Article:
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Natural light

Contrary to popular belief, the middle of a sunny day isn't the best time to take a picture. Learn to identify different types of natural light and recognize their benefits in various situations.


Whatever the weather, weather the weather
Any kind of weather is suitable for picture-taking, and the worst weather may actually suit your subject best.

An overcast day is actually preferable for portraits—there are no harsh shadows under eyes, noses, and chins, and nobody has to squint. Flowers also photograph best on a cloudy day, especially pastel-colored flowers with soft textures.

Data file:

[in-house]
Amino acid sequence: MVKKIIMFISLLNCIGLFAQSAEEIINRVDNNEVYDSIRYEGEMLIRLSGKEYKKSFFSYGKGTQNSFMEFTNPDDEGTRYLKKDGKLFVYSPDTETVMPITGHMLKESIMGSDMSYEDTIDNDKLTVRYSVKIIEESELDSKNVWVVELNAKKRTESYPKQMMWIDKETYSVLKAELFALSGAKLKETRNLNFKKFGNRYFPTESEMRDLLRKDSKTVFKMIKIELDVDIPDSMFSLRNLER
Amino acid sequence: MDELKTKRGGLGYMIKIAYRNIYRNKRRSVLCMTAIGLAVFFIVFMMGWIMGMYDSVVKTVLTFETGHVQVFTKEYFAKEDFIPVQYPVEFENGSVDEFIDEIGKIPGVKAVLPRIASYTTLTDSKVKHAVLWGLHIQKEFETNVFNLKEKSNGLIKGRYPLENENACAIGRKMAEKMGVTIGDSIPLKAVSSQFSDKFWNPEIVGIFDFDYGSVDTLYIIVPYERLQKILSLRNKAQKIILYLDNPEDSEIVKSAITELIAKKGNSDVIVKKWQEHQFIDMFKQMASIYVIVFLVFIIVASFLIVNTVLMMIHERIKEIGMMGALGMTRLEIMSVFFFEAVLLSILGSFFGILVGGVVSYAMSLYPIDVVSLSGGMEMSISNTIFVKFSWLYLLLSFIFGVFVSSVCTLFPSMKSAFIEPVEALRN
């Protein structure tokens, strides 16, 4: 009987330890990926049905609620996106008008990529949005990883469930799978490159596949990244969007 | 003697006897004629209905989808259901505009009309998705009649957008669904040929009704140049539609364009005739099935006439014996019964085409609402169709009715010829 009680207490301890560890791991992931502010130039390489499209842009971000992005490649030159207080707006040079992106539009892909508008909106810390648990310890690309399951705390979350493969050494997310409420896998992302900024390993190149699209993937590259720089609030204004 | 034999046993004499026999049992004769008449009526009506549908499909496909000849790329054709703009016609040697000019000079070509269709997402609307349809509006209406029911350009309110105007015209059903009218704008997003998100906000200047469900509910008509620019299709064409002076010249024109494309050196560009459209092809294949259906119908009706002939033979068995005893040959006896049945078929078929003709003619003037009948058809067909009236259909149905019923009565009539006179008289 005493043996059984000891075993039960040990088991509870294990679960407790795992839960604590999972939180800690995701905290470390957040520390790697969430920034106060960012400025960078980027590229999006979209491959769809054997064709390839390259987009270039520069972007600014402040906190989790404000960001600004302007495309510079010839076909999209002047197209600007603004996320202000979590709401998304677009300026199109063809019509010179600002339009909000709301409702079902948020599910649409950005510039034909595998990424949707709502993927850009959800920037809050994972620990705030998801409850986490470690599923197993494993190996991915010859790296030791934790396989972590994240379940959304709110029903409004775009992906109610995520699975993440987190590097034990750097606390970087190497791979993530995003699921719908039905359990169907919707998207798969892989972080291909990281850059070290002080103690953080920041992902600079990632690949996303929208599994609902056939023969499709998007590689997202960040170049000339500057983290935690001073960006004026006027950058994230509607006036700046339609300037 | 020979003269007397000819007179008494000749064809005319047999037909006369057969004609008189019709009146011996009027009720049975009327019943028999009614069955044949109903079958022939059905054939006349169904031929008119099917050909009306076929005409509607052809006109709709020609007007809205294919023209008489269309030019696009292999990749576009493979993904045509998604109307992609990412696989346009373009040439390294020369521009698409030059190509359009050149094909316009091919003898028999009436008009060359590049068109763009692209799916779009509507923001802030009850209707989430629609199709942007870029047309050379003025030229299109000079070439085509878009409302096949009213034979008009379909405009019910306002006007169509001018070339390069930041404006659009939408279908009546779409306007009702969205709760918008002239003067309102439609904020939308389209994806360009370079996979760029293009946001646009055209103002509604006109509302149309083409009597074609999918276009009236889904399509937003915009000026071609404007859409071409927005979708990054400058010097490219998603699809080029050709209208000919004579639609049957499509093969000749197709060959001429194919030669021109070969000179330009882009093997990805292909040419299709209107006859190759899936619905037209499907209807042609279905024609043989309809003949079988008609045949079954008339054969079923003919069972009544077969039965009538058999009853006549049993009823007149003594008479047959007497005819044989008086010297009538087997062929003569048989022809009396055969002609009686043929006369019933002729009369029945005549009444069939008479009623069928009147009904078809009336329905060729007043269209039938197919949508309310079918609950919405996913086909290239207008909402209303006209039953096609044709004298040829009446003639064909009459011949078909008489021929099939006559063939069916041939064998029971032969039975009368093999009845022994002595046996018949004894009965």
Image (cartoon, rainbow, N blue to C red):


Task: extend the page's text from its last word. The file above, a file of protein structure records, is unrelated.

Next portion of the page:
Is it raining? Don't dismay. Look at how a wet street shines and reflects headlights and traffic signals. And a calm, rainy day means better reflections of the autumn leaves across the lake. Just take care that you don't soak your camera. And in dark fog or rain, remember to use +0.5 or +1.0 exposure compensation.

The weather will affect the mood of your picture. Soft, foggy light will convey a very different feeling from the one the same scene conveys on a bright sunny day.



Perfect timing
You may not have the luxury of waiting hours, even days, for the perfect light. Children walk away, and the tour bus has a schedule to keep. When something about a scene isn't quite right, though, consider when it would be better.

  • A city skyline is boring at noon. Try sunrise or sunset.
  • Wait until late afternoon (side lighting) to emphasize texture, like on a weathered fence.
  • Wait for a calm day to capture reflections on water.
  • Use the warm glow of late afternoon to create a romantic mood.